The Chinese central government has unveiled plans to deepen reforms in three of the countries key free trade pilot zones.
On 24 May the State Council unveiled a trio of plans for advancing free trade pilot zone reforms in Fujian province, Guangdong province and Tianjin municipality, outlining a total of 55 major policy missions with respect to “high-level opening, expansion of new [economic] drivers, coordinated regional development and the simplification of administration and delegation of authority.”
The plans place especial emphasis upon opening of local finance sectors, following Beijing’s recent move to lift or rescind foreign ownership restrictions on key domestic financial institutions.
Sang Baichuan (桑百川), a professor at China’s University of International Business and Economics, said to Economic Information Daily that the three plans were distinguished by their specific tailoring to suit regional conditions.
While Guangdong province will focus on strategies for advancing the Guangdong-Hong Kong-Macau Great Bay Area and creating an open financial region, Fujian province will seek to create a key platform for the 21st Century Maritime Silk Road and promote economic and trade cooperation with Taiwan.
Tianjin municipality will focus on coordinating development with adjacent Hebei province and Beijing, and the establishment of an incubation base for new technologies.
The Guangdong province plan calls for the creation of a “new open economic model pioneer zone,” and proposes a total of 18 measures, including further liberalisation of the trade in services with Macau and Hong Kong.
“The Guangdong Free Trade Pilot Zone will fully exploit the advantages of systems innovation,” said Ouyang Weimin (欧阳卫民), vice-governor of Guangdong province at a state press conference.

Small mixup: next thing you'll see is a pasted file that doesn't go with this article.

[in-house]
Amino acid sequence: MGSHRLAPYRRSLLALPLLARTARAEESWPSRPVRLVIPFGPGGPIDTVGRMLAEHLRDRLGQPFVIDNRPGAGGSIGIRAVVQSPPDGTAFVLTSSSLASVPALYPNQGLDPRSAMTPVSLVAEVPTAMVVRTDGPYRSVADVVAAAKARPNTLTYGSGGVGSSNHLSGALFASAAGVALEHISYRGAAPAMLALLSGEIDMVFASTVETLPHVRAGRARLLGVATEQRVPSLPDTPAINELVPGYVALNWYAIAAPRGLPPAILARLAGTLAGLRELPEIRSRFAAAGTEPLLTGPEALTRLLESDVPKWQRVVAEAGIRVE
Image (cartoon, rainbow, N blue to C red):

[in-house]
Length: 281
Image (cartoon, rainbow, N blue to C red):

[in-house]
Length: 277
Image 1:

“Under the Mainland and Hong Kong Closer Economic Partnership Arrangement (CEPA) framework, it will take the lead in further opening to the Hong Kong and Macau services sectors, expanding the scope for Hong Kong and Macau professional services including finance, accounting, law and architecture; introduce the Hong Kong construction project management model, categorise Hong Kong and Macau shipping lines as special domestic shipping lines for administrative purposes, continually achieve breakthroughs when it comes to impediments to systemic mechanisms for deep cooperation between Guangdong, Hong Kong and Macau, and play the role of demonstration and guidance for the Guangdong-Hong Kong-Macau Greater Bay Area.”
The Tianjin Free Trade Pilot Zone plan outlines 16 measures in areas including innovative factor allocation measures and the incubation of cutting-edge technologies, with the goals of establishing a new open economy, expanding new advantages for international competitiveness, and transforming the Beijing-Hebei-Tianjin area into a coordinated development demonstration zone.
Zhao Haishan (赵海山), vice-mayor of Tianjin municipality, said that over the past three years the city’s free trade pilot zone had already seen the basic completion of 90 reform goals.
Under the plan for deepening reform, Tianjin will expand opening of advanced manufacturing sectors including vehicles, aircraft and shipping maintenance, as well as the banking, insurance and financial services sectors.
The plan will also see the exploration of policies for financial leasing enterprise pre-tax deductions, the development of foreign exchange innovations for the leasing sector, as well as vigorous support for the creation of a parallel automobile import full industry services chain.
The Fujian free trade pilot zone will implement 21 measures that aim to further raise the level of government administration, deepen cross-strait economic cooperation, and accelerate the establishment of a core region for the 21st-century Maritime Silk Road.
Zheng Xincong (郑新聪), vice-governor of Fujian province, said that the free trade pilot zone had already implemented a total of 310 innovative policies, and that the next step would be to rear a slew of new projects in areas including digital information, petrochemicals, finance, culture and aged care